The Paletz Law Blog

Set of Bills Proposed in Lansing Gives New Powers to Tenants

June 12th, 2024 | By: Matthew I. Paletz, Esq.

A new group of concurrent legislation designed to make life even more difficult for Michigan landlords has arrived in Lansing. Entitled the “Tenant Empowerment Package,” the proposed legislation, if passed, could prove to be another nightmare for property owners. 

Introduced by District 21 State Senator Sarah Anthony (D-Lansing), this new set of bills would, among other things, require landlords and property owners to:

  • Allow the formation of tenant unions
  • Bar landlords from any retaliation against those unions
  • Face fines of up to $1,000 for each violation deemed by the union to be delays in maintenance or restriction of access to amenities
  • Failure to notify tenants of a rent increase three months before the end of a 12-month lease and six months before the end of a lease of 13 months or more 
  • Allow tenants to fix their units themselves without bearing any costs, keeping them in their homes when their landlords neglect to tackle needed repair work in a timely manner.
  • Address hazardous conditions such as bed bugs or mold within 24 hours of being alerted, 72 hours to repair broken appliances and a week to make other repairs after receiving written notice. (Tenants could withhold rent or deduct the cost of making the repairs themselves if those timelines aren’t met.)

Regarding unionization, isn’t collective bargaining meant for people with the same collective rights? This legislation concerns individual tenants and landlords so it’s not a one-size-fits-all. I’m all for landlords honoring their obligation to keep units for habitability, but what’s the end game here? 

The supposed impetus for this stack of bills is the stated belief that though a quarter of Michiganders are renters, they lack basic legal protections to ensure safe and affordable living conditions.  My first question is, where is the data to support this? We work in this space daily and watch tenants not only be given free legal representation but also watch as judicial activism supports them. Statements like these are extremely cavalier and demonize landlords while undermining the good-faith relationship that many landlords and tenants currently have.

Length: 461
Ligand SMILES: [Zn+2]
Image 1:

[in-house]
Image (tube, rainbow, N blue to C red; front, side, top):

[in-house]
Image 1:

As for legislation holding landlords to specific response times for repairs, isn’t it in the landlord’s best interest to have their units in good repair? If a unit is to be re-rented, it has to be repaired, and property owners understand this. If there are some bad actors, then tenants already have the courts as recourse to redress their issues. Why aren’t we talking instead about the lack of labor and inflationary costs that hinder property owners today?  As for the unionization issue, if tenants are having problems paying supposedly rising rents, how in the world does paying union dues help that situation? 

Although this set of bills has not yet reached the committee, they are being pushed by some of the highest-ranking state senators in Lansing, including the sponsor, who chairs the Senate Appropriations Committee. We will continue to follow this and give you updates as we become aware, and we will continue to speak loudly and firmly in our defense of our clients. 

The Bottom Line: Call your elected representatives and tell them this package of bills (Senate Bills 900-904) is unfairly targeting landlords and property owners in Michigan. 

The information contained in this article is only meant to be a basic overview and should not be construed as legal advice. Readers should not act upon this information without the advice of an attorney. The contents are intended for general information purposes only and may not be quoted or referred to in any other publication or otherwise be disseminated without the prior written consent of Paletz Law.

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